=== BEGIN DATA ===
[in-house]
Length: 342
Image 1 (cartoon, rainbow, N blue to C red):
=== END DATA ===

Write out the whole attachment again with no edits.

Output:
[in-house]
Length: 342
Image 1 (cartoon, rainbow, N blue to C red):